If you’re trying, you aren’t succeeding.
Ever try to stand up from a chair?
I didn’t say- stand up.
I said try to stand up!
Inherent in that term is failure. A set up for not succeeding.
And the more you try and don’t succeed the more frustrated you become. Trying isn’t the operative word. Neither is winning or losing. The only thing that matters is the action. You’ll stand or remain sitting, but either way you’ll have done what you could for the best results possible. Trying gets you nowhere.
One of my favorite memories from when I was a child was my father teaching me to do a back dive. I was scared to death to attempt to go head first into the water- backwards! It was scary enough to dive, but having no clue where I was going until I practically hit the water was overwhelming. To the point it shut me down and stopped me from even making the attempt. My dad held me in his arms and said it was symbolic of life. Most times we can’t see the road in front of us. But we know it’s there. Without taking that leap of faith, after preparing as best we could, inaction would keep us from finding the future we are meant to have. All we can do is choose. Choose to stay where we are, move forward or go back. Those are our only options. But wasting time trying doesn’t accomplish anything. It just make us more fearful and impedes any progress we might make. Know you did everything possible to prepare, then jump in with both feet.
Whenever we claim, “We tried, ” it usually means we didn’t try at all, it wasn’t our best effort, or in many cases, any effort at all. Because effort always shows a response. Only trying doesn’t.
And sometimes trying is a way to deny what’s really happening. That we’re forcing something that doesn’t feel natural or “right.” Maybe it’s someone else’s truth or path, not ours. When I was young, my mother wanted me to become a lawyer. My father and grandfather were lawyers and my brother and sister hoped to follow in their footsteps. My mother loved the idea of a family firm. Working together to right injustices and help our neighbors. Corny? Of course. But a dream that sounded wonderful. Only problem was my brother and I hated the idea of becoming attorneys. He loved sales and I couldn’t imagine fighting for someone I knew was guilty- the cornerstone of our legal institution. I wanted to help in a different way. Push as she might, nothing could alter our true calling. But that didn’t stop us from “trying” to fit into her future initially. All it brought was frustration and heartache for everyone. Sometimes trying may be another way to say, “It’s not what I want.” Too often, we feel it’s what we’re supposed to do and not what we want to do.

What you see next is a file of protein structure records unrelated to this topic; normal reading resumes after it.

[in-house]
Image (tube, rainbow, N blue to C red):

Look at your life. What project takes a lot of effort for little gain? What are you trying to move forward that feels stuck? What is not working no matter how hard you try? Maybe it’s time to stop and look at what you want to accomplish. Is there a different way to do it? Is the timing off? Do your expectations need to change? What is not in alignment with you? What are you pushing? What are you trying to force? Let it sit a while. See what solution pops up. The answer may surprise you.
It doesn’t matter if you try and try and try again, and fail. It does matter if you try and fail, and fail to try again.-Charles Kettering